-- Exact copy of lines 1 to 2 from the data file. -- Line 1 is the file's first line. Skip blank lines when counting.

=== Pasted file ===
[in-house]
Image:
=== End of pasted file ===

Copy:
[in-house]
Image: